A Beginners Guide to Hitting the Slopes

She Went Wild's Ambassador Sara Piper hits the Australian slopes. She shares a perfect beginners guide to staying upright on skies whilst cutting powder in the Aussie mountains in Perisher...

To me, skiing seemed to be one of those adventure sports that if you hadn’t grown up doing it, it was probably never going to happen.

But never shy of a challenge, I set out to Perisher, Kosciuszko National Park to see just what it takes to get out on the slopes.

How it went down

That initial glimpse of snow-capped mountains bathed in the day’s first light punches a child-like excitement right in the pit of my stomach.

That was Saturday morning. By Sunday evening, that child-like excitement still hadn’t waned.

“One more run! One more run!” as I got on the Village 8 chairlift for the sixth time...  

Day 1: 7.30am

I arrive at Bullock’s Flat to pick-up ski rental gear and catch the Skitube to Perisher Resort.

Fluro onesies, over-sized colour-blocking jacket and pant combos for as far as the eye can see. There’s no fashion like snow fashion and I’m feeling a little out of my depths in the cool stakes.  

I’m fitted and kitted within 15 minutes. Equipped with boots, skis and token bright yellow rental poles that scream, “avoid this person at all costs”.

It’s a lot to carry and in true beginner-style, I fumble my way through the platform gates.

After just minutes on the Skitube, I pop up into a winter wonderland; bright white snow on a backdrop of vibrant blue sky. The day is picture-perfect and it’s starting to make sense why everyone I’ve encountered is as happy as a penguin in a Pharrell Williams film clip.


Ski boots aren’t easy to walk in. Similar to wearing stilettos for the first time, tarantula-like, still fumbling with skis and poles, I make my way to the blue “LESSONS” flag and wait. Nervously.

There are five other women in my beginner’s class of which none have ever skied. Phew. I’m not alone.

Our instructor starts by explaining the parts of the skis and to my fumbling delight, how to slot them together with ski poles to carry them easily and conveniently.

We’re shown how to clip in and take baby steps, sliding our way horizontally across the gentle slope before learning the “snow plough”. For the absolute beginner (like me!) that is to make a V-shape with your skis as a means of slowing pace and keeping control.  

Within the two-hour lesson I’ve gained the confidence to graduate to the big slopes and learned enough to abide by the number one alpine rule: ALWAYS BE IN CONTROL!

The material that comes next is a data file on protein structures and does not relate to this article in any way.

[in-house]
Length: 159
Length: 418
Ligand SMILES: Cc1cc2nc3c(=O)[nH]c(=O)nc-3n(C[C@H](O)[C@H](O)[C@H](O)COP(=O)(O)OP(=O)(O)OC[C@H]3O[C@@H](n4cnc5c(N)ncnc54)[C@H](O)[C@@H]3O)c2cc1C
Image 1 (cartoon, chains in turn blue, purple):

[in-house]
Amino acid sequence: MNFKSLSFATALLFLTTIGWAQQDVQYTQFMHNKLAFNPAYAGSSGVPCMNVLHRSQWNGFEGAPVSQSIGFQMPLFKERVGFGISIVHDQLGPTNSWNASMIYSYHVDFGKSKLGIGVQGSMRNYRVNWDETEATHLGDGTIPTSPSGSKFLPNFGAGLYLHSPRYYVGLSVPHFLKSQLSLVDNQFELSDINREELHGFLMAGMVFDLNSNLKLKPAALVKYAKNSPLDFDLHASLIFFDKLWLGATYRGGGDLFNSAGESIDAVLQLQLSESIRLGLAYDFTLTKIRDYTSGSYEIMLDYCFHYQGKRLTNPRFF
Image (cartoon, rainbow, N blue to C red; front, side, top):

Lunch consists of a schnitzel burger and a calming pint of German ale – this is my kinda sport – then it’s time to hit the slopes.

I alight the chairlift. I got this!

But as quickly as I had filled with confidence the sight of the “real” ski terrain knocked it right out of me. It’s steep. Really steep.  

“Deep breaths. Relax. Remember, your feet are in charge of your destiny.” My instructor’s words ring in my ears.

I position myself on an angle to the slope that I think will reduce the pace I go down at. I gently lean forward and … ppphhhhooooomp! I’m off! The sudden pace jolts me and like Dory on skis I forget all about snow ploughing and I’m on a diagonal crash coarse at speed. I’m breaking the number one alpine rule!

I come to sudden, anything-but-graceful stop when I bail out crashing to the side. All dignity lost but limbs still intact.  

I repeat the process; knees over toes, hips over knees, look to where you’re going. Gradually things start to ‘click’.

And now I’m having fun!

Day 2: 9am

I opt for another two-hour lesson. It may seem a little excessive to be back on the magic carpet with pint-size grommets, but it is here that the lessons from the previous day start to take shape.

With a T-bar tutorial and instruction on Front Valley, by 11am I’m eager to shred! Ok, well maybe not quite shred but I’m feeling confident.


Post-lunch ale and schnity, combined with fresh air, skills and confidence to take on any beginners run has my exhilaration levels peaking. The afternoon is spent traversing the mountains and it’s impossible to wipe the smile from my face.  

This is no holiday fling, I think. This feels like the start of something special.


So here are some extra tips:

Skiing V Snowboarding

The great debate. Last year I learned to snowboard and based of my experience, here’s the low-down:  

I found skiing easier to pick up during the lessons but much harder on the slopes. However, once those key lessons started to ‘click’ the sense of reward and desire for more skiing out-weighed my desire to get back on the board.

And there’s no catching an edge and getting whiplashed like there is in snowboarding.

Of course, both have their pros and cons and each individual will find what works best for them, but when I head back to Perisher, I’ll be skiing.  

What to take

  • Waterproof pants and jacket (can be hired)
  • Waterproof gloves or mittens
  • Goggles
  • Thermals or similar base layer – just not cotton as it doesn’t dry
  • Buff (or similar neck warmer)  
  • Beanie
  • Thick socks (I wore wool hiking socks)
  • Fleece jumper  

What to hire  

  • Skis and ski boots
  • Poles
  • Helmet (optional)

You’ll also need lift passes and if you’re just starting out, I’d highly recommend lessons. Perisher does a nice little bundle to save you coin – see here.

What to say  

Get some lingo under your belt!

Shredders: fellow skiers / boarders
Carving: a series of clean turns performed like a pro  
Gnarly: skiing dangerously and making it cool   
Après Ski: drinks after skiing

Watch Sara's YouTube Video documenting her day on the slopes:


Follow Sara:

Instagram | @pipersara